Villagers in Russei Keo district who were displaced by a fire over seven months ago have called on the government to help save them from the ravages of temporary settlement
Photo by: VANDY RATTANA
Residents of the Boeung Chhuk village in Russei Keo district say they are living in poverty and fear being evicted again, as they have heard the land on which they currently live is set to be developed.
UP to 700 families from Boeung Chhuk village in Russei Keo district will continue to live in temporary squalor, despite pleas for the government to help them after a fire destroyed their homes seven months ago.
"I don't know where I will go or if I can leave, but I really need help from the government now," said Seng Heang, who lost her home and now lives in a tent.
The Teuk Thla commune village burnt to the ground after a fire torched most of the cramped, multilevel dwellings. The inhabitants were moved to a nearby plot of land where they were given shelter by the Red Cross, but supplies have long run out.
"If the government does not help us, I am worried I will have to become a street woman," Seng Heang said.
The displaced residents have stepped up their plea for help after hearing the news that their temporary land will soon be used for development, making them homeless once again.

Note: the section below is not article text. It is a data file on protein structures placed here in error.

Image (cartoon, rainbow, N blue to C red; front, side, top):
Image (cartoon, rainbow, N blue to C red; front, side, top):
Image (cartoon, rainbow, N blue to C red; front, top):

Sitting under her tent, Korng Sarin said that she is suffering as a result of her poor living conditions.
"Living here makes my children sick. It's hot, it floods, and there is no security," she said.
Vann Sophat, deputy director of communications and advocacy for the Cambodian rights group Licadho, called for the government to send officers to inspect the community's living situation.
"The government has an obligation to pay attention to these people and to make sure they have a suitable place or house to live in," he told the Post.
Tan Navin, Teuk Thla commune chief, told the Post Tuesday that there were arrangements being made to replace the villagers' land.
"We are making preparations for a place with good infrastructure to be rebuilt very soon this year," he said.
He added that he had received an order from the Russei Keo governor to carry out a survey of families living in temporary housing, and that out of the 700 families, only landowners who lost their houses in the fire would be given new land to rebuild.
"[For] the renters, we don't know," he said.